Alkaline Diet

Alkaline Diet

The alkaline diet is based on the idea that replacing acid-forming foods with alkaline foods can improve your health. It is based on a theory that some foods cause your body to produce acid, which is harmful. It describes a group of loosely related diets based on the misconception that different types of food can have an effect on the pH balance of the body. Its premise is that your diet can alter the pH value — the measurement of acidity or alkalinity — of your body. It originated from the acid ash hypothesis, which primarily related to osteoporosis research. If you eat foods that leave alkaline ash, it makes your blood more alkaline. Proponents of this diet claim that metabolic waste can directly affect your body’s acidity.

Proponents of the diet believe that certain foods can affect the acidity (pH) of the body and that the change in pH can, therefore, be used to treat or prevent disease. Proponents of this diet even claim that it can help fight serious diseases like cancer. Credible laboratories have done extensive research on this subject and have proven the theory to be false, not supporting the claimed mechanism of this diet. Due to conclusive evidence, it is not recommended by dietitians or other health professionals, though some have noted that eating unprocessed foods as this diet recommends may have incidental health benefits unrelated to bodily pH.

The alkaline diet is also known as the acid-alkaline diet or alkaline ash diet. These diets have been promoted by alternative medicine practitioners, who propose that such diets treat or prevent cancer, heart disease, low energy levels, and other illnesses. Human blood is maintained between pH 7.35 and 7.45 by acid-base homeostasis mechanisms. Levels above 7.45 are referred to as alkalosis and levels below 7.35 as acidosis. Both are potentially serious. The idea that these diets can materially affect blood pH for the purpose of creating a range of diseases is not supported by scientific research and makes incorrect assumptions about how alkaline diets function that is contrary to human physiology. However, the chemical reactions in your body happen in a slow and controlled manner.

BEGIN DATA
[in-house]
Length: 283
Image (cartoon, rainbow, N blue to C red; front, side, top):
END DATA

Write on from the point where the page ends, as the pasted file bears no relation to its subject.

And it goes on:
Certain food groups are considered acidic, alkaline, or neutral:

  • Acidic: Meat, poultry, fish, dairy, eggs, grains, alcohol
  • Neutral: Natural fats, starches, and sugars
  • Alkaline: fruits, nuts, legumes, and vegetables

According to the acid-ash hypothesis, acidic ash is thought to make you vulnerable to illness and disease, whereas alkaline ash is considered protective. While diets avoiding meat, poultry, cheese, and grains can be used in order to make the urine more alkaline (higher pH), difficulties in effectively predicting the effects of these diets have led to medications, rather than diet modification, as the preferred method of changing urine pH. The “acid-ash” hypothesis was once considered a risk factor for osteoporosis, though the current weight of scientific evidence does not support this hypothesis. By choosing more alkaline foods, you should be able to “alkalize” your body and improve your health. The foods that people eat on this diet can, however, help some maintain healthy body weight.